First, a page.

"It is all off with me, lads!" the big fellow said, as he turned his face to the boys. "I can't walk, for he shot me through the back. Will you get me into the hut?"
"Sure!" replied Jimmie. "You're pretty tough as a human proposition, but we can't see you suffer out here in the rain."
"Before you go any further," the man said, then, "see if Downs is dead. If I didn't get him right, he'll kill some one before he dies."
Nestor and Frank walked over to the body and made a quick examination.
"Stone dead," they said. "He never knew what hit him!"
"I am glad of that," Big Bob said. "Now get me into the hut."
The wounded man was carried into the hut and laid down on a heap of coats before the fire. It was easy to see that he was fatally injured, and the boys gathered about him with pale faces.
"I'm glad none of us shot him!" Frank said.
The storm grew wilder at midnight, the wind blowing in great gusts and the rain falling in sheets. By dodging out into the rain now and then the boys managed to keep the fire going. Big Bob lay perfectly silent before the fire for a long time and then motioned to Fremont.
"You're a good lad!" he said.
"Not long ago you were accusing me of crime," the boy said.
"Gather the boys around," the man said, then, "I want them to hear what I am going to say. You may write it down if you want to."
The wounded man did not speak again for a long time, and while the watchers waited a call came from outside of the hut--a long, wavering scream, as of some one in dire distress.
"Some one lost on the mountain!" Frank exclaimed.
Nestor opened the door between the two rooms so that the light of the fire might show through the open window from which Fremont had escaped. The candle used by Big Bob had long since burned out.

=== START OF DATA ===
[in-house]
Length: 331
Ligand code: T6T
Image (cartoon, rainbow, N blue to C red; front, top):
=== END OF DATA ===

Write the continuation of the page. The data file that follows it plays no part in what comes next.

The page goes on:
The cries continued, seeming to come no nearer, and Frank went out into the storm with the flashlight, watched by the others from the window. They saw him force his way against the wind until he came to the end of the gentle slope which terminated at an outcropping of rock, then they saw him halt and stoop over.
In a moment more he was back at the hut, his face paler than before, his eyes showing terror.
"There's some one out there with a broken leg," he said, "and we must go and get him in."
"Who is it?" asked Jimmie.
"I don't know," was the reply. "It seems to me that I have seen him before, but I can't place him now."
"What hurt the man?" asked Jimmie. "Is he shot?"
"He says he fell down the mountain," was the reply. "He heard the shooting, and made his way here. Come on. Let's go and bring him into our hospital!"
Three minutes later Fremont sprang to his feet as the man's face showed in the light.
"The night watchman!" he cried, and Jimmie echoed the identification.